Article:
President Trump has agreed to a limited trade agreement with Beijing that will roll back existing tariff rates on Chinese goods and cancel new levies set to take effect Sunday as part of a deal to boost Chinese purchases of U.S. farm goods and obtain other concessions, according to people familiar with the matter.
Mr. Trump met top economic and trade advisers on the agreement for an hour Thursday, and senior administration officials were making calls to tout the outlines of an agreement, the people said.
If confirmed, U.S. trade representative Robert Lighthizer and Chinese Ambassador Cui Tiankai are expected to sign at least the outlines of a deal on Friday, said another person familiar with the matter.
Michael Pillsbury, an adviser to the president, said he spoke with Mr. Trump, who said the deal calls for China to buy $50 billion worth of agricultural goods in 2020, along with energy and other goods. In exchange the U.S. would reduce the tariff rate on many Chinese imports, which now ranges from 15% to 25%.
The Wall Street Journal reported earlier Thursday that the U.S. side has offered to slash existing tariff rates by half on roughly $360 billion in Chinese-made goods, in addition to canceling the tariffs on $156 billion in goods that Mr. Trump had threatened to impose on Sunday. That offer was made to Beijing in the past five days or so.
Should Beijing fail to make the purchases it has agreed to, original tariff rates would be reimposed. Trade experts call that a “snapback” provision, though the president didn’t use that term, Mr. Pillsbury said.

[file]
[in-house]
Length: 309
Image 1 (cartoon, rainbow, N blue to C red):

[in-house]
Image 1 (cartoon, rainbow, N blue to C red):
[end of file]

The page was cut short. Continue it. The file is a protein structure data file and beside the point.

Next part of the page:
In what Mr. Pillsbury described as a “goodwill gesture,” the U.S. plans to announce some tariff rate cuts on Friday. “The president is upbeat and enthusiastic about his breakthrough,” according to Mr. Pillsbury, a China scholar at the Hudson Institute who advises the Trump administration.
The president has stressed that a so-called phase one deal—which also includes measures to improve intellectual property protection, open the Chinese financial services market and prevent currency manipulation—is expected to lead to a phase two deal. That agreement would tackle more difficult problems, including forced-technology transfer, subsidies, and the behavior of Chinese state-owned firms.
A spokesman for the Chinese embassy didn’t immediately respond to a request for comment.
The limited trade pact could help revive U.S. agricultural exports to China. Such sales had collapsed over the past year and a half, with China retaliating against U.S. tariffs by halting farm purchases. U.S. farm exports fell from as much as $25 billion in recent years to below $7 billion in the 12 months through May, according to Commerce Department data.
Farm exports to China have begun to climb in recent months as the two sides reached a truce, but remain nearly 60% lower than their pre-trade war peak.
Mr. Trump declared two months ago the two countries had reached a framework for a limited pact to halt the trade war and allow negotiation on possible future phases. Yet efforts to finalize the terms proved elusive until Thursday, just days before new tariffs targeting iPhones, toys and other consumer goods were set to take effect.
Trade groups hailed Thursday’s progress as a welcome respite from what amounts to additional taxes at the border. Importers, retailers and other American firms had worried more duties—essentially U.S. taxes charged at the border—would have the effect of raising prices or hurting sales.
“We welcome the news that a U.S.-China phase one deal is imminent,” said Myron Brilliant, executive vice president and head of international affairs at the U.S. Chamber of Commerce. “It will bring stability to the U.S.-China relationship, but make no mistake about it: There is still more work ahead and more problems to be solved.”